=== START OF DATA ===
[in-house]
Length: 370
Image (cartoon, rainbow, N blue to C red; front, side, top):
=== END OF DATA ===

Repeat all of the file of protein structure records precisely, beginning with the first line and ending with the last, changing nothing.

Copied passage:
[in-house]
Length: 370
Image (cartoon, rainbow, N blue to C red; front, side, top):